Saturday, June 8, 2013

A blurb about

Ta-da!! My first Blurb book.

This past Friday, I found a nice surprise at my doorstep: a box leaning dangerously close to a puddle as the dying rains of tropical storm Andrea washed through the open halls of my condo building.

Packaged carefully inside the box was a book from which I had ordered five days earlier and expected to received a week and a half later.

The back side.
The book I had printed was a 20-page edition featuring my submissions to Dani Jones' Daily Doodlers sketch challenge from back in March. I had requested a paper sample package from and also received a promotional code for any order placed by June 2. Got it in just under the wire.

Due to copyright restrictions of some of the images' inspirations and quotes that I used, this book won't be made available for distribution. It was only a personal test-drive of Blurb's Indesign plugin, PDF transfer and printing. I may be involved in a Blurb-printed project for someone else later this year, and wanted to learn more about the process. Still, it was quite exciting to see my own little book.

I was very happy with Blurb's printing results overall. The book was a perfect-bound softcover with their premium lustre paper. The colors on the glossy cover were brilliant. (The photos don't accurately convey the colors. It really looked good.) The inside pages were also bright and saturated. 20 pages exactly, placed right, plus one page at the end which had the Blurb logo on it, which I could have had removed by paying an extra 7 or 8 bucks. It didn't matter much to me at this point.

Inside pages.
The only areas to keep an eye on with future printings are these: Any textures or patterns in which the colors are similar seem to lose contrast. This can happen under any printing process. I've seen it in the best art books. The images also look a bit darker - not in a way that I was very upset about, though. But, it is something to keep in mind when prepping any photos or images. They always look brighter on the screen. If the digital file looks dark, the printed piece certainly will be, perhaps even more so. And, it is so important to use the color profile that Blurb provides. It will make all the difference.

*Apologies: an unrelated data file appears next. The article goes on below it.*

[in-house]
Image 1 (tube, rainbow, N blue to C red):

More inside pages.
The process for creating the book was relatively easy. Having worked in the graphic design industry for many years, I can't emphasize enough the importance of good image and file preparation prior to submitting to any printer. I scoured all of's FAQ pages, tutorials and forums for every ounce of information on how to get the best result. Blurb has great webinars available on their site covering monitor calibration, book design, file preparation and more.

They also offer tools like Bookify, which can be used to upload photos and make books instantly, and BookSmart, downloadable software that allows for more personalization. I chose to go with their InDesign plugin for maximum control. It helps you create the document at the right size and page count, including bleed and safe area marks. The final PDF can also be uploaded through the plugin. It was really simple.

So, here I am, thrilled with the results and very motivated to create more images for future publications of all sorts. Thank you,

And, special thanks also to Dani Jones, who provided a great inspiration with her daily sketch challenge. Many artists participated and produced some awesome images. They can be found on Twitter, Instagram or Tumblr under the hashtag #dailydoodlers.

Thursday, April 11, 2013


Locutus - iPad with Procreate

 Why do you resist? 
We only wish to raise quality of life, for all species. 
- Star Trek: The Next Generation - The Best of Both Worlds, 1990

Proud to say I am a Star Trek fan, specifically a TNG girl. So, here's Captain Jean-Luc Picard during one of his off-days as an tricked out Borg. This two-part episode will be released in select theaters soon for a day or so, and even though I've seen it a million times, it's tempting to check it out on the big screen.

Below are process pics of the sketch. I've seen the process of other artists, usually a graceful ballet of brush or pencil strokes which evolves into a beautiful piece.

I am the first to admit, my process is a train wreck. Nonetheless, with patience and persistence, it still yields postable results.

This is the source image I began with. I also referenced others with a brighter red light.
I first lay down preliminary lines. Then, I start to fill in the eyes, nose and mouth area.